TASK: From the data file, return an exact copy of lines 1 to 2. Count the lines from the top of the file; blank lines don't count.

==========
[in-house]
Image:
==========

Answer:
[in-house]
Image: